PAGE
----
June 20, 2010
June 20, 2010
June 23, 2010
Electrical and Computer
15.19.1 - 15.19.14
A Computer-Based Approach to the Analysis of Transient Stability in Power Systems
This paper presents a simple, yet powerful approach to introducing the topic of transient stability in a power system course. The problem of transient stability is of fundamental importance in the analysis and design of power systems. The solution to this problem couples numerical methods for solving power flows with those for solving the differential equations that describe the behavior of synchronous machines.
Transient stability is very rich in technical and mathematical content. As such it is a challenging topic for students to grasp and for instructors to present. This paper uses spreadsheets to implement the step-by-step procedure that is typical in a transient stability study. Unlike commercially available power system software, spreadsheets expose the solution steps with clarity without obscuring the inner workings of the numerical methods employed.
Stability is a major concern in the planning and operation of power systems. Network disturbances such as a short circuit in a transmission line, sudden loss of generation, or the loss of a large load may cause instability; if such disturbances are not cleared away rapidly, instability may ultimately lead to power failure, along with the economic losses associated with the occurrence of such events. Transient stability is defined as the ability of the power system to maintain synchronism when subjected to a severe transient disturbance, such as the ones mentioned previously. When subjected to severe disturbances, the system exhibits large excursions of generator rotor angles, bus voltages, power flows, among other system variables. The system is said to be stable if it is able to maintain synchronism once the disturbance is cleared and operates at a new quiescent point.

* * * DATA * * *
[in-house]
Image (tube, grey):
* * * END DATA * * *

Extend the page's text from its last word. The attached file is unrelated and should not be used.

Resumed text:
The analysis of transient stability in large power systems is complex, thus requiring the use of computers. Commercial software for analyzing power systems is available, e.g., PowerWorld, electromagnetic transients program (EMTP), among others. These computer programs are highly sophisticated and require training for their proper use. However, the richness of the numerical methods that are packed with commercial software oftentimes gets unnoticed by the untrained user.
This paper presents a simple, yet powerful approach to introducing the topic of transient stability in a power system course. In an introductory power course it is more desirable to instill in students a better appreciation for the methods used in transient stability analysis, rather than to demand expeditious solutions rendered by commercial programs. A stronger emphasis on fundamentals can endow students with sharper critical thinking skills to judge results generated by specific-purpose software.
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